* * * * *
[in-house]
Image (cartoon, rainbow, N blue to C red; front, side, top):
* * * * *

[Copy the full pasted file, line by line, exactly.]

[in-house]
Image (cartoon, rainbow, N blue to C red; front, side, top):